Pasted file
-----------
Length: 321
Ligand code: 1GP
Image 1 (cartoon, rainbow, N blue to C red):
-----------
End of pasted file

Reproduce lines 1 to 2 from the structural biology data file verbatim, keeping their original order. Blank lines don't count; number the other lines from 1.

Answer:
Length: 321
Ligand code: 1GP